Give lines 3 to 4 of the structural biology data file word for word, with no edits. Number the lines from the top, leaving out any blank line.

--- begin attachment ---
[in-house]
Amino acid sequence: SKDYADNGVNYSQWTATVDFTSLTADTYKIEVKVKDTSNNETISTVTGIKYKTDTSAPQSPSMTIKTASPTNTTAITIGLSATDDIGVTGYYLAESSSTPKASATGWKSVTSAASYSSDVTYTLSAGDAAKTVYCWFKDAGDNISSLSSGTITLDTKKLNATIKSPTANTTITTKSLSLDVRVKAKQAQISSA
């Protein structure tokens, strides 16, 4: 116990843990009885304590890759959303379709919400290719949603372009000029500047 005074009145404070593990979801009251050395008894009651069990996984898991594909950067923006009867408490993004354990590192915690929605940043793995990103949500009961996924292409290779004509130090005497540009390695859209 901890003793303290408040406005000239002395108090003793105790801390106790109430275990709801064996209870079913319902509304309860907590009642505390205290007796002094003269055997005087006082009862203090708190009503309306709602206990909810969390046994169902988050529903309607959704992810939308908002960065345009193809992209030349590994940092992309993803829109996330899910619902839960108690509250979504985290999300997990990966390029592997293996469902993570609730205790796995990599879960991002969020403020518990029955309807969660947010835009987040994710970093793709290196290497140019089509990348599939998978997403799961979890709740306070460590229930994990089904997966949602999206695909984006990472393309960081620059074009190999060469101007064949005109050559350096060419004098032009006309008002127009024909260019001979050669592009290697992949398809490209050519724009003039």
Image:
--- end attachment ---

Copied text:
């Protein structure tokens, strides 16, 4: 116990843990009885304590890759959303379709919400290719949603372009000029500047 005074009145404070593990979801009251050395008894009651069990996984898991594909950067923006009867408490993004354990590192915690929605940043793995990103949500009961996924292409290779004509130090005497540009390695859209 901890003793303290408040406005000239002395108090003793105790801390106790109430275990709801064996209870079913319902509304309860907590009642505390205290007796002094003269055997005087006082009862203090708190009503309306709602206990909810969390046994169902988050529903309607959704992810939308908002960065345009193809992209030349590994940092992309993803829109996330899910619902839960108690509250979504985290999300997990990966390029592997293996469902993570609730205790796995990599879960991002969020403020518990029955309807969660947010835009987040994710970093793709290196290497140019089509990348599939998978997403799961979890709740306070460590229930994990089904997966949602999206695909984006990472393309960081620059074009190999060469101007064949005109050559350096060419004098032009006309008002127009024909260019001979050669592009290697992949398809490209050519724009003039």
Image: